Accounting Standards Codification 350 (ASC 350) defines the testing for goodwill impairment. In the impairment test, which should be performed at least annually and potentially in interim periods if there is a triggering event, the fair value of the reporting unit is compared with the carrying amount.

Traditionally, testing for goodwill impairment was a two-step process. Under Step 1, if the fair value of the reporting unit is greater than the carrying amount, there is no impairment and further action is unnecessary. If, however, the fair value is less than the carrying amount, goodwill may be impaired. Under current FASB guidance, a Step 2 analysis is performed to determine the fair value of goodwill and hence the level of goodwill impairment. Step 2 is similar to a purchase price allocation where the fair value of goodwill is determined based on the value of the reporting unit less the fair value of reporting unit’s assets and liabilities.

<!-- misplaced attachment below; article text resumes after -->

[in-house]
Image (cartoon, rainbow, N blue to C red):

There are currently several alternatives that are also permissible under U.S. GAAP:

STEP 1. Instead of performing a calculation of the fair value of a reporting unit, under ASC 350 companies may perform a qualitative assessment to determine whether it is more likely than not that the carrying amount is less than the fair value.

STEP 2. Instead of completing a Step 2 calculation, under ASU 2017-04 companies may elect to apply a simplified approach to determine the level of goodwill impairment. Under this approach, the level of goodwill impairment is the amount by which the carrying amount of the reporting unit exceeds its fair value. It is important for companies to understand that the impairment amount between the Step 2 approach and the simplified approach may differ materially.

VRC has extensive experience with valuations of both reporting units and their assets for goodwill impairment testing purposes.